BRIEF. Building a Componential Danish SOF for a Global SOF Network RDDC PUBLISHING HOUSE. By William Mitchell, Ph.D.

BRIEF. Building a Componential Danish SOF for a Global SOF Network RDDC PUBLISHING HOUSE. By William Mitchell, Ph.D. BRIEF Building a Componential Danish SOF for a Global SOF Network By William Mitchell, Ph.D. RDDC PUBLISHING HOUSE BRIEF Building a Componential Danish SOF for a Global SOF Network By William Mitchell,

More information

Developing Critical Thinking Skills with The Colbert Report

Developing Critical Thinking Skills with The Colbert Report Developing Critical Thinking Skills with The Colbert Report Why Teach Critical Thinking with The Colbert Report? A. Young people receive the majority of their information through popular culture. B. Using

More information

LOST YOUR CRM DIRECTION?

LOST YOUR CRM DIRECTION? LOST YOUR CRM DIRECTION? THIS 5-STEP ROADMAP CAN HELP The better an organisation understands its customers and their needs and their expectations, the greater opportunity it has to satisfy those needs

More information

The Work on Gender Mainstreaming in the Ministry of Employment by Agnete Andersen, legal adviser

The Work on Gender Mainstreaming in the Ministry of Employment by Agnete Andersen, legal adviser The Work on Gender Mainstreaming in the Ministry of Employment by Agnete Andersen, legal adviser Agnete Andersen The outset for the work on gender mainstreaming Gender equality is a difficult bird because

More information

David H. Gray. 5 March, 2008

David H. Gray. 5 March, 2008 Educational Research and Review Vol. 3 (4), pp. 114-120, April, 2008 Available online at http://www.academicjournals.org/err ISSN 1990-3839 2008 Academic Journals Full Length Research Paper Needs assessment

More information

INTERNATIONAL COUNCIL OF NURSES

INTERNATIONAL COUNCIL OF NURSES INTERNATIONAL COUNCIL OF NURSES 3, place Jean-Marteau CH-1201 Geneva (Switzerland) Tel. (+41 22) 908 01 00 Fax (+41 22) 908 01 01 E-mail: icn@icn.ch Web site: www.icn.ch Guidelines on shaping effective

More information

HOW TO SELL INBOUND MARKETING TO YOUR SALES TEAM PUBLISHED BY

HOW TO SELL INBOUND MARKETING TO YOUR SALES TEAM PUBLISHED BY HOW TO SELL INBOUND MARKETING TO YOUR SALES TEAM PUBLISHED BY INTRODUCTION Our latest research paper, The Business Case for Inbound Part 1: A Winning Formula for Sales, identifi es why Inbound Marketing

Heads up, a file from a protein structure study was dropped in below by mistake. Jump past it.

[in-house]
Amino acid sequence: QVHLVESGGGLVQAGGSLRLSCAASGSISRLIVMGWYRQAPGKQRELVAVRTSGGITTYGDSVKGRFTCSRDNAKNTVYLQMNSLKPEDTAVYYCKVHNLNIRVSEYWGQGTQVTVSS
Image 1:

More information

EVALUATION OF ECA S PROFESSIONAL JOURNALISM AND MEDIA EXCHANGE PROGRAMS:

EVALUATION OF ECA S PROFESSIONAL JOURNALISM AND MEDIA EXCHANGE PROGRAMS: EVALUATION OF ECA S PROFESSIONAL JOURNALISM AND MEDIA EXCHANGE PROGRAMS: INTERNATIONAL VISITOR LEADERSHIP PROGRAM EDWARD R. MURROW PROGRAM FOR JOURNALISTS CITIZEN EXCHANGE PROGRAM EXECUTIVE SUMMARY March

More information

DESCRIBING OUR COMPETENCIES. new thinking at work

DESCRIBING OUR COMPETENCIES. new thinking at work DESCRIBING OUR COMPETENCIES new thinking at work OUR COMPETENCIES - AT A GLANCE 2 PERSONAL EFFECTIVENESS Influencing Communicating Self-development Decision-making PROVIDING EXCELLENT CUSTOMER SERVICE

More information

Engaging Armed Groups the practical challenges: negotiation support

Engaging Armed Groups the practical challenges: negotiation support @ Background Paper 4c Engaging Armed Groups the practical challenges: negotiation support David Gorman, Andre le Sage HD Centre 1. Introduction This paper outlines the reasons why mediators might provide

More information

Courses in Communication (COMM)

Courses in Communication (COMM) Courses in Communication (COMM) 101. (SPCH 1311) Introduction to Communication. (3-0). Credit 3. Survey of communication topics, research, and contexts of communicative practice; overview of communication

More information